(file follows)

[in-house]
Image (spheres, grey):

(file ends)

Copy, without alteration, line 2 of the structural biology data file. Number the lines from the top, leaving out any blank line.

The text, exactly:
Image (spheres, grey):